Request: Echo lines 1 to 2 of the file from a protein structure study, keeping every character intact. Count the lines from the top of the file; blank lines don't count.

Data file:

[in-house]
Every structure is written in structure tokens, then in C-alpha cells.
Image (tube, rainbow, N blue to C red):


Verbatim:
[in-house]
Every structure is written in structure tokens, then in C-alpha cells.